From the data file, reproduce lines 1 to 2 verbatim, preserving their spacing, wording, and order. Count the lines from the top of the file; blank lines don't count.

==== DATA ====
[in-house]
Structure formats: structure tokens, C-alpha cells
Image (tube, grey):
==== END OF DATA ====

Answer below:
[in-house]
Structure formats: structure tokens, C-alpha cells